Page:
Other progressives were less dismayed. Some said Richmond's record reflects his refinery-heavy district, while his ascension into the Biden administration stems from his work with the campaign.

"I think of him as a decently environmental member, but skirts the harder/parochial issues in his backyard like gulf drilling and petrochemical facilities and environmental justice," Brett Hartl, the Center for Biological Diversity's government affairs director, wrote in an email.

It's unclear how climate will fit into Richmond's portfolio. Valerie Jarrett held the role under the Obama administration, while Timothy Pataki is the fifth person to have that job under Trump.

Richmond will work with "a wide range of groups," a transition official said, adding that all members of the administration were committed to fighting the climate crisis.

As Richmond's appointment took heat from the left, the transition team started sending reporters positive statements from Democrats about his climate record.

Rep. Donald McEachin (D-Va.), who was part of the unity task force that helped Biden expand his climate plan, said Richmond has co-sponsored his bills to cut emissions, like the "100% Clean Economy Act."

"I am confident that Rep. Richmond ... is committed to serving the President-elect's vision to meet this moment by prioritizing both an inclusive, clean energy future and federal investment in transitional communities," McEachin said in a statement.

Richmond, who spoke yesterday about the need to bring more jobs to Louisiana, is not expected to use his new role to urge Biden to work against his home state's petroleum sector.

What has been particularly egregious, say Louisiana activists, is his disengagement with constituents struggling with displacement or health impacts from industrial facilities.

Louisiana's 2nd District includes much of "Cancer Alley," a stretch of the Mississippi River lined with petroleum refineries and petrochemical sites that have been linked to vastly elevated cancer risks in its mostly Black communities.

St. James Parish, where Lavigne lives, is home to one of the highest-profile environmental justice cases in the country.

Not only does the Formosa Plastics site promise to spew greenhouse gases and other pollutants, but building it also has displaced a historic community first settled after the Civil War by freed slaves (Greenwire, Oct. 29).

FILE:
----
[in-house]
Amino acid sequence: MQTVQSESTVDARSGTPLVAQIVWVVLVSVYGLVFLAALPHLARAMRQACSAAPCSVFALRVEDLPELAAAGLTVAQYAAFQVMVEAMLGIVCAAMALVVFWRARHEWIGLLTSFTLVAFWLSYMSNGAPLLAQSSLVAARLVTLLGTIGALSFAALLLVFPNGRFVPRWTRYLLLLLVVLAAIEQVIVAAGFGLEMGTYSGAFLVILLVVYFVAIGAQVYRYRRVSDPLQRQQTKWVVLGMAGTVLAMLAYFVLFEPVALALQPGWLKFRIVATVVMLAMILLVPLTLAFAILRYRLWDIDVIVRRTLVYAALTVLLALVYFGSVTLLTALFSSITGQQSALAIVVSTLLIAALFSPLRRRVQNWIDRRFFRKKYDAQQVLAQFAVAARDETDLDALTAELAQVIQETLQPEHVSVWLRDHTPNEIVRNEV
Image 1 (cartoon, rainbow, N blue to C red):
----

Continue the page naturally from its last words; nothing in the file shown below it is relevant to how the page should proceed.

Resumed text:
Rolfes of the Louisiana Bucket Brigade said locals appealed to Richmond to intercede as they saw the high school and post office moved to make way for construction.

"He's just been totally absent," she said.

In another example, St. John the Baptist Parish is grappling with a chemical plant owned by Japanese company Denka Co. that releases chloroprene, a likely carcinogen.

Again, constituents have urged Richmond to intercede. Rolfes said his response had been underwhelming, but Vickie Boothe, an epidemiologist who works with the Coalition Against Death Alley, said he had sent at least two letters to EPA's Region 6 on behalf of his constituents.

Lavigne also credits Richmond with helping to persuade Louisiana Gov. John Bel Edwards (D) to veto a bill that aimed to add strict criminal penalties to some fossil fuel protests.

The congressman's office declined to comment for this story.

Rolfes acknowledged that Richmond has progressive credentials on other issues, such as discrimination in policing. But she said she is concerned that his new job could give him a platform to carry water for industry on climate change.

"You can't put your head in the sand about industry," she said. "You have children growing up next to this pollution that is inhibiting their development, inhibiting their health, keeping them out of school some days because they're sick, killing their parents. He's just ignored it."

Biden has made environmental justice a centerpiece of his climate agenda. Released in July, the plan would step up protections for fence-line communities and create a Department of Justice division to prosecute violations.

Reporter Timothy Cama contributed.

***Read more about power players and policy changes after the elections in the E&E News special report POWER SHIFT.***

Twitter: @chemnipotEmail: jchemnick@eenews.net